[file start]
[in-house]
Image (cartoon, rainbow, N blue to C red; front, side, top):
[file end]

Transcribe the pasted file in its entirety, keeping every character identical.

[in-house]
Image (cartoon, rainbow, N blue to C red; front, side, top):